War logs show how marines gave cleaned up accounts of incident in which they killed 19 civilians
Brevity is the hallmark of military reporting, but even by those standards the description of one disastrous event is remarkably short: “The patrol returned to base.”
It started with a suicide bomb. On 4 March 2007 a convoy of US marines, who arrived in Afghanistan three weeks earlier, were hit by an explosives-rigged minivan outside the city of Jalalabad.
The marines made a frenzied escape, opening fire with automatic weapons as they tore down a six-mile stretch of highway, hitting almost anyone in their way – teenage girls in fields, motorists in their cars, old men as they walked along the road. Nineteen unarmed civilians were killed and 50 wounded.
None of this, however, was captured in the initial military account, written by the marines themselves. It simply says that, simultaneous to the suicide explosion, “the patrol received small arms fire from three directions”.
And the subsequent rampage as they drove away – which would later be the subject of a 17-day military inquiry and a 12,000-page report – is captured in five words: “The patrol returned to JAF [Jalalabad air field].”
The soldiers’ initial concern, it appears, was a wounded marine – their only casualty. Forty-nine minutes after the initial bombing, they requested a “routine medevac” for a private with “shrapnel wounds to the arm”. He was evacuated to safety.
An hour later came the first news of the trail of blood they left behind. A local government official told the marines there were “28 LN WIA”, which in layman’s terms means 28 Afghan civilians had been wounded. This later transpired to be a gross underestimate.
It was not the last one.
Two hours later Americans returned to the scene of the bombing to conduct an “exploitation of the blast site with pictures/grid cords as well as debriefing ANP leadership on scene”. Journalists on the spot gave a more detailed account. They said angry marines tore their cameras from their hands, insisting they delete the pictures they had taken of bullet-pocked vehicles on the roadside. Rahmat Gul, a freelance photographer working for the Associated Press, said two soldiers and a translator came up to him and asked: “Why are you taking pictures? You don’t have permission.” Then they deleted his photographs.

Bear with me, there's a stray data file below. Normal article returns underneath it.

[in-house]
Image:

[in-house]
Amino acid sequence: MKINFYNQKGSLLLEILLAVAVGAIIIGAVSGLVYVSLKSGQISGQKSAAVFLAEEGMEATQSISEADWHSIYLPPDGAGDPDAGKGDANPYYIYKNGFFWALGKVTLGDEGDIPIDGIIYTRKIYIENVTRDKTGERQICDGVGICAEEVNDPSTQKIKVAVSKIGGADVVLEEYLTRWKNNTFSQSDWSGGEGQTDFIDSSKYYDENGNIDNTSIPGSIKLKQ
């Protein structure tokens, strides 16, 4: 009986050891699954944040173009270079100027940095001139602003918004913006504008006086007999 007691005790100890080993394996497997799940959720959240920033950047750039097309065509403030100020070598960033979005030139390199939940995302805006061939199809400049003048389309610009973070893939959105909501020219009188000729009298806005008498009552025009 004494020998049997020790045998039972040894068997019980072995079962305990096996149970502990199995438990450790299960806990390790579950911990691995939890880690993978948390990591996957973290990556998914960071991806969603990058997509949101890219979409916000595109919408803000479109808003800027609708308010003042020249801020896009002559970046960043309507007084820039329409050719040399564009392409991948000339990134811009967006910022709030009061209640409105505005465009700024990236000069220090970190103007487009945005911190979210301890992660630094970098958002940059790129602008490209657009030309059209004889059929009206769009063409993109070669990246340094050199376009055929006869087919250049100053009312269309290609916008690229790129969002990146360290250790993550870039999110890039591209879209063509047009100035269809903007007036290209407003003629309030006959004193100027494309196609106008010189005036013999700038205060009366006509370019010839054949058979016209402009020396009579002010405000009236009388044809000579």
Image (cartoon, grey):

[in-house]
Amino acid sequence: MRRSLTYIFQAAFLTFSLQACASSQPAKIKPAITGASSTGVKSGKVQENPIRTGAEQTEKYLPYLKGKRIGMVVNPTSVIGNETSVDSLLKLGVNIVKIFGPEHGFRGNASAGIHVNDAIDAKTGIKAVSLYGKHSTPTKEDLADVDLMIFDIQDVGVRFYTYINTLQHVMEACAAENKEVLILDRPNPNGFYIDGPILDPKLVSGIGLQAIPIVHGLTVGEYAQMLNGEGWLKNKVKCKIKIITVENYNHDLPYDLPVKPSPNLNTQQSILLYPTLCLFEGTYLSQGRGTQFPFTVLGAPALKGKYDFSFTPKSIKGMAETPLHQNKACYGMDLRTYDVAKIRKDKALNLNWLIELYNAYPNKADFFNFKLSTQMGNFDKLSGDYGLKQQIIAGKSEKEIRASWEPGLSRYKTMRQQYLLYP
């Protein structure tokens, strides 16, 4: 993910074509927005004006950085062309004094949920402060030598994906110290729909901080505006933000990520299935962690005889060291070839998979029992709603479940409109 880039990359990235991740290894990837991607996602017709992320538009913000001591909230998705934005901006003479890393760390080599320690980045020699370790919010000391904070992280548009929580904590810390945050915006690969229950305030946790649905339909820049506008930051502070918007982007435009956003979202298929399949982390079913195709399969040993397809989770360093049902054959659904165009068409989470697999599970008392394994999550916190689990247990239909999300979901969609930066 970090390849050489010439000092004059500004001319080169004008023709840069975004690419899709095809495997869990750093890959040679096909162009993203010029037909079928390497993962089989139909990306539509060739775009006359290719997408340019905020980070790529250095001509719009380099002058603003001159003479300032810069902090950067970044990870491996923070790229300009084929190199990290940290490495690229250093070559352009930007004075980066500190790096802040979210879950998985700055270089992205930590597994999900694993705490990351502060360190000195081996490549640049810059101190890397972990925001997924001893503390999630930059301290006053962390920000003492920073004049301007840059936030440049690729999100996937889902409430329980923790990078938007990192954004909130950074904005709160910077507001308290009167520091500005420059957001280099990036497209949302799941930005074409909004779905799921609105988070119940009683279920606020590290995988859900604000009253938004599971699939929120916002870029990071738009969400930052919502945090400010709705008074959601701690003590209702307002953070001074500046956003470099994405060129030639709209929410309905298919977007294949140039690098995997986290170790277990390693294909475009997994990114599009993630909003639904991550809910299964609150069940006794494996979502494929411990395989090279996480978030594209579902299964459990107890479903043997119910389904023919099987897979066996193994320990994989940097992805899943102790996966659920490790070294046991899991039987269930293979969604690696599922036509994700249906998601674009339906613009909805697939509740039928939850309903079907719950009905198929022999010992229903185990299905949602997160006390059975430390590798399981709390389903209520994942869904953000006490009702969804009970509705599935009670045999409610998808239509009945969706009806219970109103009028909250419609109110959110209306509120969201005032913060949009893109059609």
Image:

Later, Gul said, one of the soldiers came up to him and raised his arm, as if to hit him. Taqiullah Taqi, a reporter for the private Tolo TV channel, said the Americans told him through a translator: “Delete them, or we will delete you.”
But the Americans could not prevent anger surging through the local community. In those months, as the fighting escalated, concern about careless, trigger-happy Americans was rising in Afghanistan. The previous May, riots had spread across Kabul after a US military truck with faulty brakes careered into traffic, killing one man.
The logs report that nine hours after the shooting, the governor of Nangarhar province appealed to the marines to stay at home. “He did not want more CF [coalition forces] in the area due to public hostility.” At about the same time the Americans stopped issuing internal reports. “Event closed at 1349Z” it read. But that was not the end of the affair.
Demonstrations ran through the streets of Jalalabad over the following days, the logs report, in which protesters broke windows and blocked roads.
A month later, in April 2007, the Afghan Human Rights Commission published a report into the shooting which said the victims included a 16-year-old newlywed girl carrying a bundle of grass and a 75-year-old man walking back from the shops. The report said the marines may have come under fire from one source straight after the suicide bomb but challenged the assertion they suffered a “complex ambush from several directions”.
By then a US army colonel had admitted to the Afghans that the shootings were a “terrible, terrible mistake” and “a stain on our honour”. He paid $2,000 to the families of each victim. The special forces commander in Afghanistan, Major General Francis Kearney, ordered the marines to pull the 120-man company out of the country, an unprecedented step.
But there would be no punishment. The marines, angered by the criticism of their unit by an army commander, held their own inquiry into the shootings and issued their findings a year later. It exonerated the marines. The troops “acted appropriately and in accordance with the rules of engagement … in response to a complex attack,” said Major General Samuel Helland, the commander of marine forces in the Middle East and Afghanistan.
The inquiry lasted 17 days and heard from 50 witnesses, including Afghans who testified by videolink. But it did not hear from the four soldiers who fired their weapons, because they had not been granted immunity from prosecution.
The findings of the court of inquiry, which ran to 12,000 pages, were not released. No criminal charges were brought against any officer, although some did receive an “administrative reprimand”.
As the war logs might have put it: “Event closed”.
Monday 26 July 2010 18.08 BST
Source: The Guardian